EPSU affiliates begin to lose patience with constant attacks on public services : Belgian strike to go ahead - further actions planned in Italy; UK and Netherlands

The Belgian health sector is the location for coordinated action between the four EPSU affiliates in the health sector. The CGSP, Setca, CCSP and LBC-NVK have called for working conditions in the non-profit health sector to be significantly improved.

Greek affiliate ADEDY is organising a 24-hour strike to demand higher pay for low paid workers, to protest against the sale of public property, and measures, which hit workers and pensioners.

Further actions are foreseen this week in Italy in the health sector; and in November in the UK where unions will protest against the cuts of 100.000 jobs in the civil service. In the Netherlands EPSU affiliates ABVAKABO, CNV Publieke Zaak and FNV Bondgenoten are organising actions in the Dutch health, local government, fire fighting and policing public services against the government policy of cuts in early retirement schemes.

EPSU General Secretary Carola Fischbach-Pyttel stated that these actions were a sign of the willingness of public service workers to stand up for ordinary EU citizens. “Our members are at the forefront in ensuring quality delivery of essential services”.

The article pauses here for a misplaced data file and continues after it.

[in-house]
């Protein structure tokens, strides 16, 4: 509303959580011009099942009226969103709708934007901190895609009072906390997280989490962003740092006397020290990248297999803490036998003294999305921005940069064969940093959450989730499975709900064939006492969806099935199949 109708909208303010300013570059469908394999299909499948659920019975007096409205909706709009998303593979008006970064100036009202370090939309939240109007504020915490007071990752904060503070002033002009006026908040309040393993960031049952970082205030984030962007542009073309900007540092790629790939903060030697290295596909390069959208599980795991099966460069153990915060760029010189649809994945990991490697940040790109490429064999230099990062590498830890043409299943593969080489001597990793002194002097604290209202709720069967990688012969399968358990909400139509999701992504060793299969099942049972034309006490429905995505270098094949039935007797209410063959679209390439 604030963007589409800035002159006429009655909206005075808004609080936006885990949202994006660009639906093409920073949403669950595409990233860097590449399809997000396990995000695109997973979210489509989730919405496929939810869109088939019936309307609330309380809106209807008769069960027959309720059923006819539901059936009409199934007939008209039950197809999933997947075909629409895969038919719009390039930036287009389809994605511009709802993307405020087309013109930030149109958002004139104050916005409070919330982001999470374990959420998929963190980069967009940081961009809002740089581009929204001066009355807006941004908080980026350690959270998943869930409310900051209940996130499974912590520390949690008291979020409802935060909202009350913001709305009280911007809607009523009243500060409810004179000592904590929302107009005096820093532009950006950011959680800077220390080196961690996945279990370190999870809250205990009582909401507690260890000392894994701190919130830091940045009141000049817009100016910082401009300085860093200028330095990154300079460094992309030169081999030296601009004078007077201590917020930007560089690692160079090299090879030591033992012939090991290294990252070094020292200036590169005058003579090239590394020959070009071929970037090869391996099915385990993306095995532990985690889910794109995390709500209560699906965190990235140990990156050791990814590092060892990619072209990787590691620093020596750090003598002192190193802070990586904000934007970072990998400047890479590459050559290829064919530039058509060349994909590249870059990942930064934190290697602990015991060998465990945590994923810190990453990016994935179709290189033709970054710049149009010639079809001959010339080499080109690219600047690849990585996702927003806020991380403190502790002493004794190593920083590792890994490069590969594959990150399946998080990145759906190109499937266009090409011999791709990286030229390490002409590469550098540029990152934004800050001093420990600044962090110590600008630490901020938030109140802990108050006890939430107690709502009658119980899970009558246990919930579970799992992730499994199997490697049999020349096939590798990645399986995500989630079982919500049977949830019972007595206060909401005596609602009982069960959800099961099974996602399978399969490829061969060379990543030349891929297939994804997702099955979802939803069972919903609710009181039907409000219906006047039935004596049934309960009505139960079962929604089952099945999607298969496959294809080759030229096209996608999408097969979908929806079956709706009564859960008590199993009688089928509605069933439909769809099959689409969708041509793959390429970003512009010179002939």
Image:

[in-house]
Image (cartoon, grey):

These developments were discussed in depth at the EPSU Collective Bargaining Conference held on 20-21 October in Brussels. This conference included nearly 80 chief negotiators from almos all Member States. Conference co-ordinator and EPSU deputy General Secretary Jan Willem Goudriaan confirmed that public service workers face a difficult bargaining season with several collective agreements coming up for renewal and against the background of EU imposed public finance restraints. EPSU confirms that public service workers will aim to achieve pay deals that compensate for inflation and which allow workers to share in productivity increases. These actions meet with public support and are signs that Europe's citizens are not satisfied with the direction government and EU policies are taking. Participants in the collective bargaining conference argued to step up the co-ordination on collective bargaining policies including on issues such as low pay and closing the wage gap between men and women.